OASIS Unfurls Standard for Digital Signatures

OASIS has approved a standard for digital signatures using XML. The standard, called Digital Signature Services (DSS) version 1.0, enables the sharing of digital signatures without the use of "complex client software," according to an announcement issued by the organization.

The standard aims to facilitate security in electronic commerce, as well as in Web-based applications. It incorporates existing digital signature standards formulated by the IETF (Internet Engineering Task Force) and ETSI (European Telecommunications Standards Institute).

The DSS standard can make it easier for companies to verify documents because signing keys are maintained on a secure server, rather than being managed individually, according to OASIS' announcement.

"DSS allows sensitive signing keys to be protected by using tamper-proof signing devices and by locating the server in a room with controlled access. Costs are reduced with DSS, because security can be highly localized," explained Nick Pope of Thales eSecurity Ltd. in the announcement. Pope is also co-chair of the OASIS DSS Technical Committee.

The DSS standard describes two XML-based request and response protocols, according to the announcement. One of the protocols is used for signatures and the other is used for verification. The standard supports time-stamping, corporate seals, electronic postmarks and code signing.

The process of verification works using "a range of transport and security bindings," according to OASIS' DSS FAQ. The use of HTTP Post or SOAP over transport layer security is optional.

OASIS, or Organization for the Advancement of Structured Information Standards, is an international nonprofit consortium that advocates for e-business standards.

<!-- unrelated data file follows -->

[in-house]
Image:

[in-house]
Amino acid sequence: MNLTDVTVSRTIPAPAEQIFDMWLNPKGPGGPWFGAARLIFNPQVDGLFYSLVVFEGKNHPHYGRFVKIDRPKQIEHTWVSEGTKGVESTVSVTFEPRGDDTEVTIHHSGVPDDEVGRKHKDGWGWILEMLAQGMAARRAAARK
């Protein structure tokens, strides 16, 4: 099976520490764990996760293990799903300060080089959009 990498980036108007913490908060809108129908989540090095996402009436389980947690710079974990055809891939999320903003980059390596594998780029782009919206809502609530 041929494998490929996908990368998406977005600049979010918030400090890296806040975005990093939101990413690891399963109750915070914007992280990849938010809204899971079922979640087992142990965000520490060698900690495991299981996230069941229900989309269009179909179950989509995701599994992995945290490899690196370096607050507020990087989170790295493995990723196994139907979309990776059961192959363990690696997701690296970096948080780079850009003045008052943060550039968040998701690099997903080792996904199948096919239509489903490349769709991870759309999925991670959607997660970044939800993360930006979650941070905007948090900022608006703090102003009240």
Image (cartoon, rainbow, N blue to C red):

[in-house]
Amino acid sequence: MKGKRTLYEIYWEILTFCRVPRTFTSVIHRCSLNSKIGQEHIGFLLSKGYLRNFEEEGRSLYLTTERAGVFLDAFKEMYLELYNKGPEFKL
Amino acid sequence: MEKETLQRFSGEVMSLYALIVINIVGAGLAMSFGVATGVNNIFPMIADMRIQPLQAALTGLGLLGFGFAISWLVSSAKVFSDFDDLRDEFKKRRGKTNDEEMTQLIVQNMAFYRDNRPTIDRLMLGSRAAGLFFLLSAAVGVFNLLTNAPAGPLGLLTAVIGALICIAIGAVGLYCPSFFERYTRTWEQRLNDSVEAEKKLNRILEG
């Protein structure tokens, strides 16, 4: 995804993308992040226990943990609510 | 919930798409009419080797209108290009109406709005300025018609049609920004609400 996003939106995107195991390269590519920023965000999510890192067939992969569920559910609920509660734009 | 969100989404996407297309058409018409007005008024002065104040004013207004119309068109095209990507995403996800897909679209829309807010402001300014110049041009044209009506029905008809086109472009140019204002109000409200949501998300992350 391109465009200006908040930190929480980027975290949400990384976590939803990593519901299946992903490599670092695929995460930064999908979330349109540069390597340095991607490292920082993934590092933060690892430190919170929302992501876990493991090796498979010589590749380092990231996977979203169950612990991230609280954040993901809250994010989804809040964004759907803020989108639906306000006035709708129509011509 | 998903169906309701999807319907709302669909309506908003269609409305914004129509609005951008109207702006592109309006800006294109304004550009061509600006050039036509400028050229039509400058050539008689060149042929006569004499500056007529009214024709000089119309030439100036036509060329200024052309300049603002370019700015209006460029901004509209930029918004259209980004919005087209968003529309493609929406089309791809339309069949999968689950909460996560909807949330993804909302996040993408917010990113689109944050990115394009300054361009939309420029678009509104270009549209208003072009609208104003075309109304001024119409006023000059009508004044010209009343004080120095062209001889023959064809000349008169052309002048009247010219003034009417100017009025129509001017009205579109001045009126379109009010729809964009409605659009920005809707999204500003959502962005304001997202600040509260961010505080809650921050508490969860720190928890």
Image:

About the Author

Kurt Mackie is senior news producer for the 1105 Enterprise Computing Group.


  • Azure Active Directory Connect Preview Adds Support for Disconnected AD Forests

    Microsoft on Thursday announced a preview of a new "Cloud Provisioning" feature for the Azure Active Directory Connect service that promises to bring together scattered Active Directory "forests."

  • Microsoft Defender ATP Gets macOS Investigation Support

    The endpoint and detection response (EDR) feature in Microsoft Defender Advanced Threat Protection (ATP) has reached the "general availability" stage for macOS devices.

  • How To Block Self-Service Purchasing in Microsoft's Power Platform

    Microsoft threw Office 365 admins a bone when it gave them the ability to block users from purchasing Power Platform tools without IT approval. Here's how to prevent total anarchy.

  • Azure DevOps Services Losing Support for Alternate Credentials

    Microsoft gave notice last week that it's going to drop Alternate Credentials support for authenticating users of its Azure DevOps Services.

comments powered by Disqus

Office 365 Watch

Sign up for our newsletter.

Terms and Privacy Policy consent

I agree to this site's Privacy Policy.